“We are never returning to normal,” according to Joanna Piacenza and Samantha Elbouez, of Morning Consult. You’ve likely read that sentence before. It’s possible you’ve thought it on a particularly bleak afternoon, or you heard a friend say it from behind a computer screen — or from behind a mask. But when you look at the data, there are signs of hope that at least some Americans can return to some semblance of normal. We’ve been fielding our “Return to Normal” surveys for 109 weeks. The first survey gauging consumer attitudes on the coronavirus yielded results on Jan. 26, 2020. Analyzing the more than 239,000 U.S. responses we collected, tells us what consumer attitudes and habits didn’t change during the COVID-19 pandemic, which ones boomeranged, and which ones may be forever altered — essential insights for business leaders considering if and how they should be changing their consumer strategy as various ramifications of the pandemic continue indefinitely. On the second anniversary of the COVID-19 pandemic, head of Industry Intelligence Joanna Piacenza unpacks consumer comfort insights from Morning Consult’s 109 weeks of survey research. Background: Morning Consult’s “Return to Normal” project has primarily served to highlight consumer comfort levels throughout the pandemic by charting the share of Americans who feel safe doing certain activities. We’ve seen healthy majorities report high comfort levels for many activities, but we’re nowhere near pre-pandemic normal. When looking at this consumer survey research, it’s important to understand the part that motivated reasoning plays in consumer comfort. While respondents are considering whether they’d feel comfortable re-engaging in certain leisure activities, there’s also an element of pent-up demand — activities that consumers miss doing or want to do often present differently in public opinion research. What’s more, high consumer discomfort isn’t necessarily a death sentence for industries connected to these activities: As you’ll see with moviegoers, many report discomfort but still show up to the theater. Source: Piacenza, J. and Elbouez, S. (2022, March 2). What Our Return to Normal Looks Like After Two Years of the Pandemic. Morning Consult. Tags: Covid-19, work culture, consumer attitudes, consumer behavior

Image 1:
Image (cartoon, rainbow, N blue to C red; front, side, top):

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Slowest Population Growth in Decades

The nation's population growth is slowing because of lower birthrates, more deaths and less immigration. Between July 1, 2020, and July 1, 2021, the U.S. population grew by just 0.1 percent—a gain of 392,665 people. This is the first time since 1937 that the annual numerical population increase has been below one million people, the Census Bureau reports. With births falling and deaths rising during the pandemic, it's little wonder population growth has slowed to a crawl. Immigration is below normal as well, dragging the numbers down. Deaths outnumbered births in 25 states between July 2020 and July 2021. The excess of deaths was greatest in Florida, which had 45,248 more deaths than births that year. In three other states, deaths outnumbered births by more than 10,000: Michigan (-14,353), Ohio (-15,811), and Pennsylvania (-30,878). Overall, 17 states and the District of Columbia lost population in the past year. Sources: Russell, C. (2021, December 22). Slowest Population Growth in U.S. History. Demo Memo: Demographic Trends with Attitude. U.S. Census Bureau. (2021, December 21). National Population Totals and Components of Change: 2020—2021. The United States Census Bureau.  

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Will Pandemic-Diven Consumer Habits Persist?

  • MSI

While many businesses were disrupted during the Covid-19 pandemic, there were some others who discovered new opportunities. The pandemic also made available new methods of study to assess the changes which occurred in consumer behavior due to Covid. Today, there are questions as to what pandemic-induced behaviors will hang on for the long haul and which will fall away as the pandemic recedes. For instance, will the success of food service delivery continue?